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Dry eye syndrome is a problem involving your tears.
Your eyes need tears to stay clean and healthy. Tears are made by glands behind your upper eyelid. Every time you blink, the tears are pushed across your eye, keeping it moist. They flow into tiny openings, called tear ducts, in the inner corners of your eyelids, where they drain away.
With dry eye syndrome, your tear glands don't make enough tears or your tears evaporate too fast.
This problem is more common in older adults and in those with certain diseases, such as diabetes, allergic conjunctivitis, or Sjögren's syndrome.
Dry eye syndrome may go away with treatment. But for some people, it can be a lifetime problem.
Dry eyes can be caused by everyday things, like being outdoors in the wind and sun, staring at a computer screen, or just being tired. Being around cigarette smoke may also cause dry eyes.
Other possible causes include:
For many people, it's just part of getting older.
When your eyes are too dry, they feel itchy, scratchy, and irritated.
An eye doctor can usually tell that you have dry eye syndrome during a regular exam and hearing about your symptoms.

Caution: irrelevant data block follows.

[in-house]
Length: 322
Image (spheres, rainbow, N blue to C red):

In some cases, you may have a special test to see if your eyes are making enough tears.
To help soothe your dry eyes, you can try artificial-tear eyedrops or ointments that you can buy over the counter. Don't use eyedrops that are meant to treat red, bloodshot eyes. Those might make your eyes feel worse.
You can also try to blink a lot, especially if you spend a lot of time staring at a computer screen.
Limit your time in air-conditioned or heated rooms. Try a humidifier in rooms where you spend a lot of time. Wearing sunglasses can help protect your eyes from wind and sun.
See an eye doctor, either an optometrist or an ophthalmologist, if your symptoms don't get better. You may need treatment, because too much dryness can damage your eyes.
Treatments that your eye doctor may want to try include:
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Other Works Consulted
American Academy of Ophthalmology/External Disease Panel (2013). Dry Eye Syndrome Preferred Practice Pattern. San Francisco: American Academy of Ophthalmology. Also available online: http://one.aao.org/preferred-practice-pattern/dry-eye-syndrome-ppp--2013. Accessed August 1, 2014.
American Optometric Association (2010). Care of the Patient With Ocular Surface Disorders. Optometric Clinical Practice Guideline. Available online: http://www.guideline.gov/content.aspx?id=33585.
Drugs for some common eye disorders (2012). Treatment Guidelines From The Medical Letter, 10(123): 79–86.
Ervin AM, et al. (2010). Punctal occlusion for dry eye syndrome. Cochrane Database of Systematic Reviews (9).
Current as ofMay 5, 2019
Author: Healthwise StaffMedical Review: E. Gregory Thompson, MD - Internal MedicineAdam Husney, MD - Family Medicine
Current as of:
May 5, 2019
E. Gregory Thompson, MD - Internal Medicine & Adam Husney, MD - Family Medicine
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